It takes as little as a minute for farming to turn lethal or life-changing beyond belief, according to Australia’s leading online farming community, Rural Resources online, who urged farmers to stay safe and stay well as they mark Farm Safety Week 2017 from July 17 to 21.
Organic beef producer and Rural Resources Online founder Brigid Price explained the combination of long hours, heavy machinery, chemicals and extreme weather created a unique environment where danger was a commonplace and everyday reality.
“Agriculture combined with fishing and forestry remains Australia’s most dangerous industry to work within,” Ms Price explained. “Each year we lose family members and loved ones to a lifestyle we love but where the risks are inherent.”
Ms Price noted Safework Australia statistics indicated between 2010 and 2014:
- 221 fatalities occurred in the field of agriculture
- More than one in five workers who died at work worked in agriculture.
- Agricultural vehicles like tractors and quad bikes, accounted for 82 of those worker deaths.
- In 2015, 40 fatalities occurred on farms
- Agriculture workers represent 2.1% of the workforce but 21% of fatalities.
And she shared a personal insight into the devastating impact a single accident may have on a family, community and beyond. In 2012 her father-in-law suffered a tragic injury after an incident in the cattle yards.
“My father-in-law was following a young bull when it got spooked and turned to run past him. On the way past it stood on his toe as he was stepping back causing him to fall to the ground and land the wrong way. He was knocked out. What we did not know until later was that his fall broke his brain stem. This man was a husband, father, grandpop, brother, neighbour, friend and much more.”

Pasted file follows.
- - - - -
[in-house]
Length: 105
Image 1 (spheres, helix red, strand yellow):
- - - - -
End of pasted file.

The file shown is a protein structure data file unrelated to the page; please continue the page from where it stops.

She continued the message to farmers was: Be aware of the risks, take whatever steps possible to avoid them, and ensure they have Workplace Health and Safety measures in place to protect themselves physically and financially.
“Australian farms are often run by families. Accidents can therefore be especially traumatic. Landholders can be fined, have civil action taken against them and potentially lose their farm. Financial loss is one thing. Losing a member of your family or community is devastating.”
For more information about agricultural Workplace Health and Safety, see Rural Resources Online.
For further information or to interview Brigid Price, contact:
Linda Reed-Enever at ThoughtSpot PR: 0433 149 319
Brigid Price at on 0439 575 092
About Brigid Price and Rural Resources Online
As a city girl turned farmer’s wife, Queensland beef producer Brigid Price is proud to call Rural Australia home. Now she’s helping it find its shared voice through an online initiative that’s fast becoming the modern day “bush telegraph” for the nation’s farmers.
Brigid is the creator of Rural Resources Online, a comprehensive website that unites Australian farmers through resources, shared knowledge, expert skills, and the all-important stories of community and spirit encapsulated by life on the land.